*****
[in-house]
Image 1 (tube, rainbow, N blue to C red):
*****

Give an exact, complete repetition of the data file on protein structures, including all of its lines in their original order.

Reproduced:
[in-house]
Image 1 (tube, rainbow, N blue to C red):